Takeover dance for DB Schenker seems to have started

Takeover dance for DB Schenker seems to have started


A number of major investors appear to be preparing for a takeover of DB Schenker, now that a liberal minister is heading the German Ministry of Transport in the person of FDPs Volker Wissing, who has already openly called for a sale of the logistics company. The FDP sees the only way out of divesting the logistics company to do something about the parent company Deutsche Bahn’s (DB) huge debt mountain.

According to analysts, a sale could bring the German treasury around 15 billion euros, but that estimate at the end of 2021 was still based on the surplus of 711 million euros from 2020 from DB Schenker. The expectations for this year are that DB Schenker’s result will be closer to 1 billion euros, which will push the sales price up to 20 billion euros.

No wonder that the usually well-informed German business magazine Handelsblatt reported last week that some financial parties are already entering into partnerships to put enough capital on the table for a possible takeover of DB Schenker. It is despite the allegations that the top of DB came up with last year that DB Schenker is definitely not for sale.

black stone

The potential buyers are first and foremost the venture capital companies CVC and Carlyle, who would have chosen a joint offer and, according to Handelsblatt, have already hired an adviser to oversee the acquisition.

The German business newspaper bases its information on ‘several people involved in the case’. The two investors want to have done their homework, “when DB Schenker hits the market during this year,” the newspaper writes.

Investors Bain and Advent are also said to be negotiating a joint offer on the German online freight forwarder. The two have often worked together on larger acquisitions and would re-examine that possibility in Schenker’s case. However, this duo has not yet made a final decision. A third financial party is American Blackstone, which would still be looking for a more economically powerful partner to cash in the billions that a Schenker acquisition would require.

None of the five investors mentioned will comment on the reports of their possible interest in DB Schenker to Handelsblatt.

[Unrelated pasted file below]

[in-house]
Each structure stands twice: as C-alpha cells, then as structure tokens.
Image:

Old glory days

The discussion about the possible sale of DB Schenker by the parent company Deutsche Bahn (DB) has been going on for some time, but recently received a new impetus from an unexpected source. During a recent logistics webinar in Germany, former CEO Alexander Doll, once in charge of finance, freight and logistics at Deutsche Bahn, said he “hopes” that DB Schenker will be sold by his former employer.

According to the current acquisition consultant, ‘a more private financial environment’ is a better place for the forwarding company to return to ‘old glory days’ than its current status as a cash cow with the debt-ridden railway company. Doll predicts a huge interest from the international transport market and investment world, because DB Schenker ‘is still the only big deal imaginable in the global freight forwarding company since the acquisition of Swiss Panalpina in 2019.

Doll expects a lot from the new German government this year due to the already mentioned desire of the liberal coalition party FDP to dig out the DB debt mountain with a sale of Schenker. In addition, the other new governing party, De Groenen, also sees something in the decoupling between DB and Schenker, to give the railway company the opportunity to focus more on its public core tasks and serve it more as an emissions-free alternative in passenger and freight transport.

The recent coalition agreement between the government parties FDP, Grønne and SPD does not mention anything about a possible divestment of DB Schenker, but the three parties emphasize that the state-owned company should focus more on its core activities in e.g. future in Germany.

Doll argues that financial parties should not immediately consider themselves rich with DB Schenker, ‘because such a large acquisition also means that freight packages disappear at Schenker, because not all shippers want everything from a logistics provider’.


Incidentally, the various investors are not the only private ones on the coast. At the beginning of last year, for example, the Danish DSV reported to the Ministry of Transport in Berlin to take over Schenker in case of possible sales plans. So far, DSV is the only strategic party that sees an advantage in a purchase of Schenker. Other parties, such as K + N and DP DHL, keep their powder dry and are quite hesitant when it comes to major acquisitions.

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